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Michael Heiser was a Ph.D. student in biblical Hebrew studies when a colleague handed him a Hebrew Bible one Sunday morning. "Here, read this. Closely." It was open to Psalm 82:
God has taken his place in the divine council;
in the midst of the gods he holds judgment.
God, in the midst of other gods? Heiser had read every word of Scripture, but he had never noticed this. It sounded heretical at first. What is the divine council? And who (or what) are these gods?
Thus began his fifteen-year journey through Scripture alongside the works of trusted ancient Near Eastern scholars. As it turned out, this concept of "gods," or other supernatural beings, ran throughout Scripture—from Genesis through the Gospels to Revelation. Of course, it's no news flash to biblically informed people that the Creator God of the Bible—"Yahweh"—has made both a spiritual and a physical realm. But in The Unseen Realm: Recovering the Supernatural Worldview of the Bible, Heiser adjusts the lens, so to speak, to help us better understand the spiritual.
Our worldview is very different from that of the writers of Scripture, and as a result, many modern theological systems either explain away or ignore a whole host of difficult passages whose straightforward meaning doesn't fit into the system. Heiser, a first-rate scholar with knowledge of Hebrew, Greek, Ugaritic (the language of ancient Canaan), Akkadian, Egyptian, and Aramaic, has thrown back the modern, materialistic curtain and reset the whole epic story of Scripture, including some of the seemingly bizarre passages, back into the context of the supernatural worldview of its original authors and audiences.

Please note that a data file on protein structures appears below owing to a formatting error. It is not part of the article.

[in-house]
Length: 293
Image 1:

And he does so in a way that is remarkably accessible to the everyday reader familiar with the basic biblical narrative. Here are some of the concepts he unpacks:
The Divine Council: Alternately referred to as "the heavenly host," "gods," "Sons of God," or "Holy Ones," the "divine council" is not just a group of ethereal angels floating around playing harps and singing. Yahweh God holds court, and they counsel with him. They govern affairs as his subordinates and engage in spiritual combat, among other tasks.
The Nephilim: Cast as "mighty warriors" and "men of renown"—literally, "men of the name"—these are Babylonian ancestors of the giant clans that opposed the Israelite conquest of Canaan.
The Divine Allotment: In response to human rebellion at the Tower of Babel, Yahweh gave the nations over to the gods of their idols, effectively placing them under the rule of fallen spirit beings, as is recorded in Deuteronomy 32:8. Yahweh then initiated a "fresh start" with humanity through Abraham and Sarah, taking Israel as his own possession, with the ultimate goal of evicting those fallen gods from their territories and drawing people from every nation, tribe, and tongue into his own kingdom under his anointed king, the Messiah.
Novelist and screenwriter Brian Godawa, who dedicated the first book of his biblical fantasy series to Heiser, called The Unseen Realm a "game-changer for Evangelical Christianity." "Like Elisha's servant opening his eyes to see the myriad of heavenly host surrounding the valley," he writes, "so I now saw God's heavenly host as part of a storyline of redemption that traditional Evangelicalism has missed or misunderstood because of its . . . modern categories and -hermeneutics."
I agree. This is one eye-opening book. For the scholarly-squeamish, Heiser's companion book Supernatural presents the same material as in Unseen Realm but directed to a more general readership. •
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